On Feb. 6 and 13, Ad Astra Coffee Roaster’s Valentine’s Day Market gave vendors from the community the opportunity to share the fruits of their labor.
Kristi and Patrick Whalen, who moved to Hillsdale from Kansas in May, opened the market in November.
“It’s been this really awesome underground community of people hanging out, getting to know each other,” Giana Green, owner of Mangia Italian Bakery, said. “I wanted to bring some really beautiful things like flowers and art and jewelry and baked goods all together to kind of be like a one-stop-shop for your Valentine’s Day.”
Green sells cookies, pasta, and other Italian treats at Ad Astra’s indoor market every Saturday morning from 9 a.m. to 12 p.m.
It was Green’s idea to put together a Valentine’s day theme on the Saturdays leading up to the 14th.
“This is something that happens every single Saturday. We are always here, we always have cookies, and we always have coffee,” Green said. “We always have a place to sit and hang out.”
Mangia Italian Bakery started off at the Hillsdale Farmers Market before Ad Astra co-owner Kristi Whalen invited her to join Ad Astra’s indoor market every Saturday morning at 106 N. Broad St.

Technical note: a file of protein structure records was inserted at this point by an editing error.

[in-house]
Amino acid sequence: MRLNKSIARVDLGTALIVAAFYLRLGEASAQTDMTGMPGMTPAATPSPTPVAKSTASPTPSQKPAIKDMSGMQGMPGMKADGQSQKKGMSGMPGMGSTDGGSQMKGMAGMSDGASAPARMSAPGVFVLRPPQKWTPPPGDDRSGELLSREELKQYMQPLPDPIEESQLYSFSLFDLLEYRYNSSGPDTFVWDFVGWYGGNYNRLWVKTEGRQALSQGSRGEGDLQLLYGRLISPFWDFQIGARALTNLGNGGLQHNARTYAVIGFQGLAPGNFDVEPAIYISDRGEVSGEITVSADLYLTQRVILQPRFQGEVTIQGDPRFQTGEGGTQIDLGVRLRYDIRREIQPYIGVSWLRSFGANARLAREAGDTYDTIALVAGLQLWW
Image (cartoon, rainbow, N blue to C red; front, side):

“My love language is food so it’s just been really fulfilling for me to be able to feed the community and share my family and my traditions,” Green said.
Other vendors included Black Dog Meadows Flower Farm, Clexo Paintings and Graphic Design, SGB Bakes, and Zoe Ray Designs.
Hillsdale College swim coach Zoe Tracy represented her homemade earring company, Zoe Ray Designs. She started making earrings and selling them at the farmers’ market as a quarantine project.
Each week the earring boards are completely sold out. They are a huge hit among Hillsdale women, Green said.
“Zoe Tracy’s earring business is amazing. I found the perfect pair of earrings for President’s Ball,” attendee and junior Rachel Kookogey said.
SGB Bakes offered gluten-free baked goods. Kaitlyn Dear of Clexo Paintings and Graphic Design scans and digitizes her watercolor paintings to put on items like mugs, face coverings, and sweatshirts.
Hillsdale Collegiate Assistant Professor Catherine Kuiper said the market has a lot to offer.
“There are some very talented people in this town. And then there are people like me, unable to walk past a display of flowers without buying a bouquet.”